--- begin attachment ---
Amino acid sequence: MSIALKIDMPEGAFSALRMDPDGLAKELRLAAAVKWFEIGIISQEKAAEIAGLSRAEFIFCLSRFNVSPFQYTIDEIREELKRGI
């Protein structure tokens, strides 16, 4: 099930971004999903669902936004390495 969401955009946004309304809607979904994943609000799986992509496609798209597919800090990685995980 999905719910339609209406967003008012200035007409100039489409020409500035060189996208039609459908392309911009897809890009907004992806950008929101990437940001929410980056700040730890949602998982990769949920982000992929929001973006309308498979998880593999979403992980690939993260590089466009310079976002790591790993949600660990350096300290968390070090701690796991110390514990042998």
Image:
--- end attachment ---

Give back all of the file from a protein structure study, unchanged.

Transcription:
Amino acid sequence: MSIALKIDMPEGAFSALRMDPDGLAKELRLAAAVKWFEIGIISQEKAAEIAGLSRAEFIFCLSRFNVSPFQYTIDEIREELKRGI
């Protein structure tokens, strides 16, 4: 099930971004999903669902936004390495 969401955009946004309304809607979904994943609000799986992509496609798209597919800090990685995980 999905719910339609209406967003008012200035007409100039489409020409500035060189996208039609459908392309911009897809890009907004992806950008929101990437940001929410980056700040730890949602998982990769949920982000992929929001973006309308498979998880593999979403992980690939993260590089466009310079976002790591790993949600660990350096300290968390070090701690796991110390514990042998």
Image: